The UK government has announced plans to ensure all new cars are "effectively zero emission" by 2040. This could include a more ambitious plan to ban the sale of new all petrol and diesel cars by as early as 2035.
While the proposed changes are still some years away, the shorter-term future of diesel-fuelled cars seems uncertain.
The government proposals are just the latest actions that demonstrate the changing attitudes to diesel engines. According to The Society of Motor Manufacturers and Traders Ltd (SMMT), registrations of diesel vehicles have dropped by 60% so far in 2020. This comes amid controversy around the fuel and its effect on the environment.
This compares with a drop in registrations of petrol vehicles of 47.5% and an increase of 161% for battery operated electric vehicles.
A new T-Charge came into force in London in October 2017 targeting diesel vehicles. In London this charge is now a £12.50 daily charge for driving the most polluting vehicles in certain parts of the city (that is on top of the £11.50 Congestion Charge).
This applies to designated parts of the city that form part of the Ultra Low Emission Zone (ULEZ) and operates 24 hours a day every day except Christmas Day.
Due to the Covid-19 pandemic, from 22 June 2020, the Congestion Charge will temporarily increase to £15 and hours will be extended, operating from 07:00 to 22:00, seven days a week.
This is part of the government and Transport for London’s attempt to get more people walking or cycling to work. In addition to London’s charge, the mayors of Paris, Madrid, Athens and Mexico City have pledged to ban diesel vehicles from their respective cities by 2025.
Following a further change to the rules on tax and electric cars in April 2020, all electric cars with zero emissions are now exempt from Vehicle Excise Duty (also known as car tax). While some petrol and diesel car owners will have to pay a higher rate.
The latest actions to discourage motorists from using diesel prove the tide has turned against the fuel in recent years.
Between 2000 and 2017, the number of licensed cars in the UK increased from 24.4 million to 31.2 million. While this may be expected due to population growth and improved road infrastructure, the demand for diesel cars increased significantly, with the percentage of diesel engines increasing from 12.9% (3.2 million) to 39.7% (12.4 million) in this time.
Much of the popularity of diesel cars can be attributed to road tax incentives introduced by the government from 2001. The environmental focus in the early 2000s was to reduce carbon emissions, which led to a push away from petrol and towards diesel.
At the time, diesel cars were cheaper to run, cheaper to tax, and considered to be better for the environment than petrol cars. While CO2 emissions are indeed lower from diesel cars than from petrol cars, diesel engines produce four times as much nitrogen dioxide and 22 times more particulates. According to the European Environment Agency, nitrogen oxide emissions contribute to almost 12,000 deaths per year in the UK alone.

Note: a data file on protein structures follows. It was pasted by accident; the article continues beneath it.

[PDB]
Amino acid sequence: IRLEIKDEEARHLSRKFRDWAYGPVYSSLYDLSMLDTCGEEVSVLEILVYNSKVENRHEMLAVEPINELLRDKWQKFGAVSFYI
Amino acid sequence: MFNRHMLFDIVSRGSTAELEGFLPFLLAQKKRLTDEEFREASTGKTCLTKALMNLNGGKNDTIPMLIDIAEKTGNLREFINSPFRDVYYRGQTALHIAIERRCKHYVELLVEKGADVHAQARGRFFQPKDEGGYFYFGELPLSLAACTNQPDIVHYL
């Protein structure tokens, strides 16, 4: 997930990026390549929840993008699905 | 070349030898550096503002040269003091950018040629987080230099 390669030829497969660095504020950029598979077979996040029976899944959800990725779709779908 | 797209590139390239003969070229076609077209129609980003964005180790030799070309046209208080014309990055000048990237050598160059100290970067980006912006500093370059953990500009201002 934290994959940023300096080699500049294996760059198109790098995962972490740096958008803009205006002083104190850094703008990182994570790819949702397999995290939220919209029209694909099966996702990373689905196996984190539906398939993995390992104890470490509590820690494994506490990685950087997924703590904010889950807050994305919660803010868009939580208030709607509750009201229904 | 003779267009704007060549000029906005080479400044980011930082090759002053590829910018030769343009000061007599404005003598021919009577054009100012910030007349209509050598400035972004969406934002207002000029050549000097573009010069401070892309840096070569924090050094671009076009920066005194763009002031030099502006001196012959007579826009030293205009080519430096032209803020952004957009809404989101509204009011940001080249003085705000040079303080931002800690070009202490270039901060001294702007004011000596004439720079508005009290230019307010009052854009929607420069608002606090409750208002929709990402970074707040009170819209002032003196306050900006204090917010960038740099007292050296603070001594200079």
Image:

More recently, Euro Standards were brought into place to limit the emissions from vehicles. But it emerged that the ‘real world’ emissions of diesel engines were higher than indicated in lab tests.
The Volkswagen emissions scandal in 2015 marked a turning point in attitudes towards diesel fuel. It emerged that the manufacturer had intentionally programmed the engines of its diesel cars to pass emissions tests, despite the cars’ real-world emissions significantly exceeding set limits.
In the UK, the emphasis and incentives from the government has been to encourage people to move towards buying greener cars by offering tax breaks to owners of new and existing electric vehicles. tax changes to new cars has further depressed demand for diesel vehicles, both new and secondhand.
From April 2020, all electric cars are now exempt from car tax. While the owners of some of the most polluting diesel vehicles might have to pay £2,175 for the first year they register the vehicle. After that, it's £150 a year to tax a petrol or diesel car.
While diesel cars are still a mainstream option, their popularity has been falling. The government has been trying to steer drivers away from diesel fuel by scrapping car tax on new electric vehicles and increasing the cost for some petrol and diesel vehicle owners.
Most manufacturers are still producing diesel models as a standard option, but car companies are taking note of the shifting attitude towards the fuel. Carmakers including Toyota, Volvo, Subaru, Suzuki, Bentley and Mitsubishi have already stopped the sale of new diesel cars, or have announced plans to do so.
Others have announced plans to phase out diesel options in new vehicles or have halted the development of new diesel engines.
If you're thinking of buying a diesel car it's worth considering the resale value of a diesel vehicle. If legislation and attitudes continue to change, demand for used diesel cars could plummet in years to come.
You may be weighing up the appeal of diesel cars versus petrol, or even thinking about switching to an electric car in the future, especially if the government introduces further incentives for greener cars.
Environmental factors and emissions figures will also provide food for thought for many people when deciding between diesel and alternative fuels for their next car. The future of diesel cars in the UK is likely to be a decline in demand for these types of vehicles and an increasing popularity of electric cars over diesel or petrol engines.
If you own a diesel car, you may decide to keep it for a while, even though the car tax rates are much higher than greener vehicles. In order to keep costs as low as possible, you can shop around for diesel car insurance. Using our comparison tool will enable you to find the best diesel car insurance for your needs, and one that offers the best value when you are looking to insurance your diesel car or van.